“Obviously, the traffic and noise and hubbub of a big-box power centre are physically incompatible with the peace and serenity people expect,” says Reverend James Profit, the Centre’s director. “It goes without saying that the big-box mentality – defining meaning and value in possessions – is incompatible with the Jesuit spirituality defining meaning and value in seeking the Divine in all things.”
Ultimately, the case wound up at the Ontario Municipal Board (OMB). The question became an issue in Guelph’s 2003 city elections. Incumbent mayor Karen Farbridge, characterized by her opponents as an anti-Wal-Mart candidate, lost the election, and Kate Quarrie, a development-friendly candidate who received one fifth of her campaign contributions from developers and real-estate companies, won.
“From a city perspective, it’s been a planning issue of who determines how a city grows,” says Farbridge. “Is it the people that live there, or is it some private interest that has different plans than what you’ve identified as a community?”
Shortly after the election, the pro-development municipal government had a change of heart. “They reversed the city’s stance on the whole thing in May and moved from opposing the development to supporting it,” says Bennett. “That pretty well iced the cake.”
The OMB ruled in favour of Wal-Mart and First Pro this January. However, many people in the city remain vigilant. Bennett says the downtown board of management is opposed to the development, and adds: “Wal-Mart offered them $1 million to change their position. And they didn’t.”
It’s not the first time the company has tried to offer “incentives” to resistant groups. Wal-Mart made a similar offer to Waterloo to quell an ongoing resistance, and it worked. The company paid out $1.5 million over three years, divided between the city and the local business improvement association.
But there is at least one high-profile case where Wal-Mart has made concessions. While the company’s stronghold has long been in small-town North America, its attempts to manoeuvre the urban markets have met with limited success. Facing overwhelming public pressure in Vancouver, the company has decided to build what is being billed as a “green” Wal-Mart. The 128,000-square-foot energy-efficient store features wind turbines, geothermal heating and climate-controlled skylights. The company is planning to reduce noise by using sound-absorbing asphalt and a grove of 180 dogwood trees.
It’s obvious the company is willing to change its plans in the face of an equally stubborn and resistant population. Its strategy is to break down potential barriers in the city’s rezoning and development-approval processes, and to weaken and divide opposition on the Council of Progressive Electors (COPE)-led city council.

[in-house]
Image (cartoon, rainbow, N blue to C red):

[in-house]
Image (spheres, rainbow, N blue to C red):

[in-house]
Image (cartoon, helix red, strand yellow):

For smaller competitors in small markets, the addition of a Wal-Mart to the retail landscape can be a mixed blessing. A 2001 study by the Centre for the Study of Commercial Activity at Ryerson University tracked economic growth of regions with and without Wal-Marts over a five-year period. The study found, overall, that a Wal-Mart could boost the economy of a small town. The report is often cited by the company to deflect criticism that Wal-Mart harms small-town economies.
“The town that gets chosen by Wal-Mart is the town that’s going to get ahead,” says Dr. Jim Simmons, the study’s author. “They really are a major attraction to consumers.”
But a closer look at the study indicates that, while overall economic growth in a small town is indeed boosted, it comes at the expense of neighbouring towns, with Wal-Mart absorbing most of their growth.”
As well, while stores located near the Wal-Mart that aren’t direct competitors stand to gain a lot from the increase in consumer traffic, it’s a different story for those stores that directly compete.
The Key? Remain Equally Stubborn
According to Kubas Consultants, 88 per cent of Canadians shopped at Wal-Mart in 2004, and some estimates say the store commands 25 per cent of the general retail market. But the company’s success here is in stark contrast to the icy reception it received in Germany. After its entry into the German market in 1998, Wal-Mart has consistently lost money and is only now beginning to make an upward turn. Germany’s strict price controls, rigid labour laws and tough zoning regulations have made it difficult for the store to thrive.
Canada could stand to learn from Germany’s example. The emergence of big-box enterprise marks an important turn in Canadian capitalist expansion, and, if Canadians are going to maintain control of their urban space and labour conditions, they’re going to have to take a lesson from the big guy. In dealing with the non-negotiable culture of Wal-Mart, Canadians could stand to develop a little non-negotiability of their own.